Monday, December 23, 2013

THE GIFT OF FAMILY part 5 of 5

I am an only child because a major obstetrical disaster directly related to physician blunder prevented my mother from having more children. For the first 18 years of my life ours was a family of three plus, the plus being the occasional aunt, uncle, or cousin who lived with us for several months or more in the farmhouse that my grandfather built.  Between my many cousins and the large family on the farm across the road I was unaware of being an only child during my early years.  It was experiencing the relationships my parents had with my aunts and uncles that instilled in me an appreciation for the bonds of family, bonds of love that withstand the unavoidable conflicts and separations by time and distance.  These same bonds now connect me to my many first cousins and their children.

I remember clearly a time during my high school years when there was a rift between my father and one of his sisters; it lasted about a year and later no one could remember what it was about (at least that is what I was told.)  During that time my father always insisted that I go visit my aunt, and never uttered a disparaging word about her in my presence.  Family was more important to him than any disagreement with his sister.  I find it very difficult to understand how some families can be so torn apart - bonds severed or perhaps never developed.  However, as an only child I suppose I cannot understand the issues and tensions that can develop between siblings.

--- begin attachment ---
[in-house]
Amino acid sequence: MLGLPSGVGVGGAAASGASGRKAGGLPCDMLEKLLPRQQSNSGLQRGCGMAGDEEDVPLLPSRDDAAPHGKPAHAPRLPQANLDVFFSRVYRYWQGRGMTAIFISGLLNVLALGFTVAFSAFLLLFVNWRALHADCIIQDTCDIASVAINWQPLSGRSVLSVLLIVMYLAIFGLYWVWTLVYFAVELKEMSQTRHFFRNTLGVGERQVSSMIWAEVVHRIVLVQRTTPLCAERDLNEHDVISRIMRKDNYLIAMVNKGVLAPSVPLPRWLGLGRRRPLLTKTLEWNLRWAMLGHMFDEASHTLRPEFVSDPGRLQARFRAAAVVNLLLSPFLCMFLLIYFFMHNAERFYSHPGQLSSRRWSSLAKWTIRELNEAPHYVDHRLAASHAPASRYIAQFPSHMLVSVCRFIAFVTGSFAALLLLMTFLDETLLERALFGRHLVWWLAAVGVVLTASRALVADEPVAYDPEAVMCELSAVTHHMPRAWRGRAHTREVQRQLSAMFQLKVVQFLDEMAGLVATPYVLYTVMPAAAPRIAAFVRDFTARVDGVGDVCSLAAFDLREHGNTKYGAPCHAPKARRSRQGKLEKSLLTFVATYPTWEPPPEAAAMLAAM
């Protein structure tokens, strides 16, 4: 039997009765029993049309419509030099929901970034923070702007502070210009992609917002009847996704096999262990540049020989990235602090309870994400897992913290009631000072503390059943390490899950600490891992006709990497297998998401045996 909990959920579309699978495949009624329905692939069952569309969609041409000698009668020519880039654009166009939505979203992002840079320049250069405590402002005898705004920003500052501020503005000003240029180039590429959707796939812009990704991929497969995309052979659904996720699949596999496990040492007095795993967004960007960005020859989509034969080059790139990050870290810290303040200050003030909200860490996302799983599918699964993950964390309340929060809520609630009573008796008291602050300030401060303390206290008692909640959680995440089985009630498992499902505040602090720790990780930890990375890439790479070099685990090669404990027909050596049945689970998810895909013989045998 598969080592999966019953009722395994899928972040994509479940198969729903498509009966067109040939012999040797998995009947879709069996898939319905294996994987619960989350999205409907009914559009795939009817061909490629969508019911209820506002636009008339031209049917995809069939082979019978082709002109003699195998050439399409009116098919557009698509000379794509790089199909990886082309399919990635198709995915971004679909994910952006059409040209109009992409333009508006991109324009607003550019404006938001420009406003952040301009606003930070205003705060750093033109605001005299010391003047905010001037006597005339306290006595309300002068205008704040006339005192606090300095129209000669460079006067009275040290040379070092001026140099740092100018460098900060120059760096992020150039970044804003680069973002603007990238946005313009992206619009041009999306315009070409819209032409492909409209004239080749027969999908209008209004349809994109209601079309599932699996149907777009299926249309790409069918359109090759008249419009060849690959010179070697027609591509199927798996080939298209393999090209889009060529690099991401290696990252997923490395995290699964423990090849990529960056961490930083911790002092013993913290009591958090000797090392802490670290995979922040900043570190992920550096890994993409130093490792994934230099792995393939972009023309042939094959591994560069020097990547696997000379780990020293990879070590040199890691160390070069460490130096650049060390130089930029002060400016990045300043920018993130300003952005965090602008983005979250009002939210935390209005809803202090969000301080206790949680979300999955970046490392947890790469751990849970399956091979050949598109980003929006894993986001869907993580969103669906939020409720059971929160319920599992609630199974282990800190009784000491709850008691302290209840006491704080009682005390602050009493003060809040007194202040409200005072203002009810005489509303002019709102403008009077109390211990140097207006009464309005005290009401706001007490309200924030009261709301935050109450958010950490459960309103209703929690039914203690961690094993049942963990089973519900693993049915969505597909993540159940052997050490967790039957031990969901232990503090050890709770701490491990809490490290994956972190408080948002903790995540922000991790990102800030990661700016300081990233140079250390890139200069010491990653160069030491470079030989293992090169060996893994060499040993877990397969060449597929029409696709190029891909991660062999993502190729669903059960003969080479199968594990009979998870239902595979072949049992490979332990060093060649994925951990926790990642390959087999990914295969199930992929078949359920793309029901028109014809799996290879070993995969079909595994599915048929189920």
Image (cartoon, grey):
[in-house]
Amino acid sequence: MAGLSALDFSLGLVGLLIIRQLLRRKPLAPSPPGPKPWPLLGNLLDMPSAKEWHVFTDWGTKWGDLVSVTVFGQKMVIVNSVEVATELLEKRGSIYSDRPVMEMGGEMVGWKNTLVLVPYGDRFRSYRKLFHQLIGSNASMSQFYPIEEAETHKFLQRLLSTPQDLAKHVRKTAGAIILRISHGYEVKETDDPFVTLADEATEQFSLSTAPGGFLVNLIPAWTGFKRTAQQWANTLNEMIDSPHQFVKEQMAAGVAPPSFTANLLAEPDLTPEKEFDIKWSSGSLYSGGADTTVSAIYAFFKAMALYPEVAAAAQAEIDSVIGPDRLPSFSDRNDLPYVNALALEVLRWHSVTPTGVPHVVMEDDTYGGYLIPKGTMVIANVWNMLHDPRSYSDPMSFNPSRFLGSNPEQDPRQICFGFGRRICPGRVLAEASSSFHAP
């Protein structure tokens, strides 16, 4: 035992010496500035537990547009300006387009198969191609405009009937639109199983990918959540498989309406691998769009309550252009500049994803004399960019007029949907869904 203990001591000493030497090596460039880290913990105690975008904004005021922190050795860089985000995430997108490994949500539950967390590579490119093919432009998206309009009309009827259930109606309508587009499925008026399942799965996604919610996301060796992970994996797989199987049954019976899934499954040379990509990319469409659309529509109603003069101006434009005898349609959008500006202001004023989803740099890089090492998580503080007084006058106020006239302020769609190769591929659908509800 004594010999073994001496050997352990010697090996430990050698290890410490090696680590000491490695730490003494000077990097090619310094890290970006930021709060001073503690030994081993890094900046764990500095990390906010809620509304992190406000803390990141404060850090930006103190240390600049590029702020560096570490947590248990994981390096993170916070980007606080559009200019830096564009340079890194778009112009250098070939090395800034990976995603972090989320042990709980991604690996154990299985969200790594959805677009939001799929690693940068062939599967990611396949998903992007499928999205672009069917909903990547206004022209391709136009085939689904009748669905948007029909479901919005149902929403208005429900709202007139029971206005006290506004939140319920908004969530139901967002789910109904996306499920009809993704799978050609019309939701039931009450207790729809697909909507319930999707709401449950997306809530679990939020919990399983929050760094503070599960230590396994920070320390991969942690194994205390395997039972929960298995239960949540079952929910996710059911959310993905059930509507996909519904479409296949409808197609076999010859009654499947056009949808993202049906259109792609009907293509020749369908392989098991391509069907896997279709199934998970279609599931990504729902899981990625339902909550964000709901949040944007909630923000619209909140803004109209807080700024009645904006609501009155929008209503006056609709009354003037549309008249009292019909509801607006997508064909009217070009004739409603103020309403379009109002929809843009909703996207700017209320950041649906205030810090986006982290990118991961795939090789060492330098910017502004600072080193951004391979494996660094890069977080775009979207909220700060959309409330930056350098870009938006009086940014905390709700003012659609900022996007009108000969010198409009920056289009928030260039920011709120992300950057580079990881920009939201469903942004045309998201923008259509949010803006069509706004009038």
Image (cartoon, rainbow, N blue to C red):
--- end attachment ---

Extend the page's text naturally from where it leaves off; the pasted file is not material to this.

The Renzullis

The Rondinellis

I am grateful for the family I had, and still have.

These gifts that I have been describing in a most simplistic and brief manner, alone or together are all a reflection of the gift of love.  Without a foundation of love, they would not be possible.  Love is the greatest gift we can give or receive.

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